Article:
When the reaction between iron and zinc has virtually ceased and the article is taken out of the galvanizing bath complete with its outer coating of free zinc, the process is complete. In reality there is no demarcation between steel and zinc but a gradual transition through the series of alloy layers which provide the metallurgical bond.
Coating thicknesses are normally determined by the steel thickness and are set out in EN ISO 1461. There are three exceptions to this rule, the first produces a slightly thinner coating, the other two increase it.
In reality there is no demarcation between steel and zinc, but a gradual transition through the series of alloy layers which provide the metallurgical bond.
Galvanised Coating Appearance
Considerations Before Galvanizing
Specifiers and end users often anticipate that batch hot dip galvanized steel will have a uniform bright colour and appearance, a view often formulated from having seen pregalvanized steel product (sheet) which is produced using a carefully controlled automated process.
In practice, when fabricated articles or individual steel sections are galvanized by the batch process to EN ISO 1461 some variation in coating appearance might occur. Read our blog post on ‘Why do I get variation in the colour of galvanized steel?’
The chemical composition and the condition of the steel which forms the base material are vitally important for successful hot dip galvanizing.
The formation of the zinc-iron alloy coating depends principally on the chemical composition of the steel that is galvanized. All common steels and irons can be hot dip galvanized, but steels with particular silicon contents may produce a very fast reaction between the iron and the zinc (read below about Galvanizing reactive steel).
For best results it is just as important for the customer to ensure careful preparation of the steel components as it is to ensure that the construction and design are suitable for galvanizing.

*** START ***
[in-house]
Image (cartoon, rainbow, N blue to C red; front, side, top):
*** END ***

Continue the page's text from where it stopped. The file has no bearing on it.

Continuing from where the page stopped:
Galvanised Coating Thickness
Galvanised Steel Coating Thickness versus other Zinc Coatings
How to Obtain Thicker Galvanised Coatings
Thicker galvanised coatings may be produced by one of the following:
- Centrifuged galvanized coating
This process, covered in EN ISO 1461, is used for galvanizing threaded components and other small parts. The parts, after preparation, are dipped in the molten zinc in a perforated basket. After the coating has formed this is centrifuged or spun at high speed, to throw off surplus zinc to ensure a clean profile. Minimum average coating weights for centrifuged work are identified in EN ISO 1461 and in 7371 Part 6.
- Surface roughening
This is the most common method of achieving thicker galvanised coatings. Grit blasting to Sa 2½ (ISO 7079) the steel surface prior to immersion, using chilled angular iron grit of size G24, roughens and increases the surface area of steel in contact with the molten zinc. This generally increases the weight per unit area of a hot dip galvanized coating by up to 50%. Any steel article can be treated in this way, providing it is thick enough to withstand blasting. It may not be possible to grit blast the inside surface of hollow sections and fabrications, but these are almost always the areas least prone to corrosion.
Thicker coatings than those required by EN ISO 1461 should only be specified following consultation with the galvanizer or Galvanizers Association.
- Galvanizing reactive steel
A thicker zinc coating will be obtained if the article to be galvanized is manufactured from a reactive steel. The constituents in steel that have the greatest influence on the iron/zinc reaction are silicon, which is frequently added to steel as a deoxidant during its production, and phosphorous.
Silicon changes the composition of the zinc-iron alloy layers so that they continue to grow with time and the rate of growth does not slow down as the layer becomes thicker. To a lesser degree, phosphorus exerts a similar influence on the formation of the coating.
When an article made from a reactive steel is removed from the zinc bath, a zinc layer adheres to the alloy layer as with any other steel article. However, the reaction rate in these steels can be so high that this pure zinc layer is transformed completely to zinc-iron alloy before the article has had time to cool. The result is a coating of equal or increased thickness that can be much darker in appearance. The change in appearance does not alter the corrosion resistance of the coating.